establishing a strictness criteria for the contact touch based upon the estimated probability;
measuring the size and the trajectory over a period of time; and
deactivating the first predefined region, independently of a second predefined region of the touchpad, based upon the measured size and trajectory of the contact touch and the strictness criteria.
2. The method of claim 1, further comprising:
determining a location of the contact touch on the touchpad, wherein estimating a probability of intentional contact further includes using the location of the contact touch.
3. The method of claim 2, wherein the establishing the strictness criteria further comprises repeating the determining of the location, size, and trajectory of the contact touch.
4. The method of claim 1, wherein the probability of an intentional contact decreases when the size of the contact touch is relatively large compared to a contact patch made by a finger.
5. The method of claim 1, wherein the probability of an intentional contact increases when the trajectory exceeds a predetermined distance.
6. The method of claim 1, further comprising:
determining a size and a trajectory of a second contact touch on the touchpad, wherein the second contact touch on the touchpad is detected in the second predefined region of the touchpad and occurs substantially at the same time as the contact touch within the first predefined region; and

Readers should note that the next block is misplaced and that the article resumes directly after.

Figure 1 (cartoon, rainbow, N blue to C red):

estimating a probability of intentional contact for the second contact touch using measured quantities of the size and the trajectory of the second contact touch.
7. A non-transitory machine-readable medium storing instructions that, when executed, cause a machine to perform a method for processing a contact touch on a touchpad disposed on a portable computer, the method comprising:
detecting the contact touch in a first predefined region of a plurality of predefined regions on the touchpad, the plurality of predefined regions being defined before any contact is detected on the touchpad;
determining a size and a trajectory of the contact touch on the touchpad;
estimating a probability of the contact touch being intentional using measured quantities of the size and the trajectory of the contact touch;
establishing a strictness criteria for the contact touch based upon the estimated probability;
measuring the size and the trajectory over a period of time; and
deactivating the first predefined region, independently of a second predefined region of the touchpad, based upon the measured size and trajectory of the contact touch and the strictness criteria.
8. The non-transitory machine-readable medium of claim 7, further comprising:
determining a location of the contact touch on the touchpad, wherein estimating a probability of intentional contact further includes using the location of the contact touch.
9. The non-transitory machine-readable medium of claim 8, wherein the establishing the strictness criteria further comprises repeating the determining of the location, size, and trajectory of the contact touch.
10. The non-transitory machine-readable medium of claim 9, wherein the probability of an intentional contact increases when the trajectory exceeds a predetermined distance.
11. The non-transitory machine-readable medium of claim 7, wherein the probability of an intentional contact decreases when the size of the contact touch is relatively large compared to a contact patch made by a finger.